Dick Ebersol and son Teddy at Fenway Park in the summer of 2004.

(Courtesy of the Ebersol family)

“When you look at it, you get an incredible feeling of how strong she is and was. Thousands of people across the country were affected. The amount of mail was incredible. She touched so many hearts. It wasn’t her pity for herself or her family. She was trying to tell so many other families who she knew were grieving in our country how to handle this.”

The Ebersols are a blended family. Saint James was previously married to makeup artist Tom Lucas and they had a son, Harmony, and a daughter, Sunshine. Ebersol and Saint James later had sons Charlie, Willie and Teddy.

“We don’t use the term stepfather or stepparent in this family,” Ebersol said. “[Harmony and Sunshine] have their father whom they worship. We all get along somehow.”

Nowhere was this clearer than in the deep despair as the family grew even closer after Teddy’s death. The accident happened on November 28, 2004, the day after Matt Leinart threw 400 yards in leading USC over Notre Dame 41-10 in the Coliseum. Willie was at USC; Charlie at Notre Dame.

Dick Ebersol with son Teddy as a youth.

Dick Ebersol with son Teddy.

(Courtesy of the Ebersol family.)

Four Ebersols – the parents, Charlie and Teddy – left Van Nuys that Sunday morning and made their way to Colorado, where Susan was planning to get the family’s Telluride vacation home ready for Christmas. The plane landed in Montrose, Colorado, where it was refueled and Susan disembarked.

“The fire was astronomical because the plane had just been refueled,” Ebersol said. “Meanwhile, Susie doesn’t know anything happened because she’s in the mountains and can’t get cell phone signal. It wasn’t until she reached a spot in the mountains where she could pick up a signal that Charlie reached her and told her there had been a crash.”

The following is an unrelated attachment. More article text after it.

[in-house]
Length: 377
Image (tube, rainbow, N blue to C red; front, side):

Since Teddy’s glove was lost in the accident, the Ebersols asked Mizuno for one that was identical down to the last detail. The family then sent it around for everyone to have a chance to break in. The glove was then bronzed by the same foundry that cast the famous Make Way for Ducklings sculpture in the Boston Public Garden.

It’s not just the ball fields that are named in Teddy’s honor. The Liberty Hotel across the street, owned by close friends of the Ebersols, renamed the Presidential Suite after him. Copper beeches were planted in Litchfield in his memory and a school named its library after him.

Even now for Charlie, some memories keep the world from spinning.

“Do you know the song ‘Drift Away’ by Dobie Gray? … ‘Give me the beat boys and set my soul free, I want to lose myself in your rock ‘n roll and drift away,'” he said. “That was Teddy’s favorite song. When I’m driving and this song comes on the radio, I have to stop because I’m close to tears.”

Rowena, daughter of Teddy Ebersol's sister Sunshine Lewis, kisses the glove in memory of Teddy.

On August 23, 2009, 16-month-old Rowena – daughter of Teddy Ebersol’s sister Sunshine Lewis – kisses the glove commemorating Teddy in the fields planted in his memory in Boston.

(Courtesy of the Ebersol family)

Sunshine has a favorite photo. It shows her daughter Rowena, then 16 months old, kissing the bronze glove in Teddy’s field.

“I think I was most touched by Teddy when I had my own kids and realized how devastating it would be if anything ever happened to them,” she said.

Rowena turned 14 this year, the same age as the uncle she never knew.

https://www.latimes.com/sports/story/2022-06-18/plane-crash-dick-ebersol-teddy-fathers-day Ebersol family an example of how father-son bond never fades

Emma Bowman

USTimesPost.com is an automatic aggregator of the all world’s media. In each content, the hyperlink to the primary source is specified. All trademarks belong to their rightful owners, all materials to their authors. If you are the owner of the content and do not want us to publish your materials, please contact us by email – admin@ustimespost.com. The content will be deleted within 24 hours.

Related Articles

Back to top button